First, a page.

(It's time once again for our annual series "30Q" in which we answer 30 questions over the course of September as we get ready for the upcoming season.)
A year ago at this time, Kings fans were still riding supremely high after being saved from extinction yet again. Vivek Ranadivé and Kevin Johnson had saved the Kings, a new arena plan had been finalized, and most importantly, the Maloofs were finally gone.
The season that followed wasn't nearly as rosy, with the team winning just 28 games, the same as the year before. Despite that, fans remained far more upbeat and optimistic, and for good reason. The team was noticeably more competitive under Mike Malone, DeMarcus Cousins had taken a huge leap forward in terms of efficiency and production, and the trade to bring Rudy Gay in was a rousing success. New ownership had also taken massive steps to reestablish a connection with the community that had been fractured by the Maloofs, and Sleep Train's attendance soared as a result despite the still inferior product on the floor.
At the end of the season, Kings management made it abundantly clear that 28 wins would not be acceptable again. This was a team on the upswing, and while the first year was more about development and culture change than winning and losing, forward progress would be needed in the near future. As Coach Michael Malone said following the season:
"We made a lot of progress in areas, we've played well at certain times of the year and I just want to try and get better, and 28 wins will never be something we're proud about."
With that in mind, Kings fans' expectations have been raised as well. While support for the team is still incredibly high, there were a few moments this summer that seemed to suggest that perhaps the honeymoon period for this new ownership/management group is coming to an end.
The first was the decision to draft Nik Stauskas over Noah Vonleh, Elfrid Payton or Doug McDermott. Stauskas wasn't really on many Kings fans' radars due to the fact that Sacramento had drafted Ben McLemore the year before. More than disappointment (although there was some of that), there was confusion. Before and even during the draft, there was a lot of chatter in the media about how aggressive the Kings were being in looking for a trade. Very few people seemed to believe that the Kings would actually keep their pick, instead looking to trade it for a star or some other piece while moving down. That big trade never happened.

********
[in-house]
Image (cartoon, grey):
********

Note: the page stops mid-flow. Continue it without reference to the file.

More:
While the big name trade has yet to surface, the decision to pick Stauskas has seemed to grown on fans. His play in Summer League helped showcase both his shooting ability and high basketball IQ. It also made sense given McLemore's struggles as a rookie and the Kings overall lack of depth at the Shooting Guard position.
The big test of faith however came when the Kings decided not to bring back fan favorite Isaiah Thomas, instead going after a cheaper Darren Collison. This was probably the least popular decision made in the post-Maloof era, especially since the price Thomas fetched in Phoenix was seen as a pretty good deal for a player as productive as Thomas had been in Sacramento. By making this decision, Pete D'Alessandro and co. were finally putting their stamp on this team, with Cousins being the only real piece that was being incorporated into the team's future plans.
As such, coming into this season there are real expectations for this Kings team. Cousins and Gay are true stars, as demonstrated by their selection to Team USA and Cousins' All-Star caliber season last year. 28 wins, or even 30, probably isn't going to cut it now. And going backwards? Hell no. This is a team that needs to make a jump, any jump, back on the path to the playoffs. Kings fans are realistic, forged in the fires of multiple decades of losing, so I don't think anyone is expecting a 50 win year or even playoff contention. But it'd be nice to be around .500 for most of the season, and get to a place where maybe the playoffs aren't so unrealistic in a year or two.
The honeymoon period probably isn't over just yet (Maloof stench takes a while to wash out), but the new car smell is fading.